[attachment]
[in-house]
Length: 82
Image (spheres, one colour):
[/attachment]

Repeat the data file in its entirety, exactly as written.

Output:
[in-house]
Length: 82
Image (spheres, one colour):